Speaker 3: I think that's fair. The, there had been a lot of attempts by people in the industry and by the legislature to give comfort, not just to the operators of these businesses, but more importantly to the patients. If you're somebody who has been waiting a long time to finally be able to legally access medical cannabis, now you're a regular purchaser and user and you're having great health effects. The last thing you want to hear is that, you know, some politicians can decide to take that away from you and make you either return to the black market or you know, go back to your prescription medications or whatnot. So there's a lot of concern from a lot of different constituents and a lot of push to give everybody some comfort and lets, you know, either extend the program or make it permanent. So far, governor Rauner, who was not the governor who signed this program into law, he just inherited it.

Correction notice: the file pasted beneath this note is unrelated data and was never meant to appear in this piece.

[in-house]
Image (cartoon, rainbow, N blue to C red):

Speaker 3: His mantra has been, it's too soon. I need more data, so he hasn't closed the door on extending the program or making it permanent, but he claims that he really needs to see how successful it is. A what, how many patients are being served, what are their revenues, what's the benefit to the state? And I think to be honest, what he's more interested in is what are the negative stories that are going to come out of this? Are we going to see an increase in teen access to cannabis or increased drug driving, etc. And so the hope on the part of everybody participating as, you know, keep, keep the data good and helpful and let's make sure that the data getting to the governor is all going to work in support of extending this program.

Speaker 1: Uh, Any, um, you know, effort in getting all of that, a negative data coming out of Colorado for the past couple of years, uh, to, to him so that he sees that,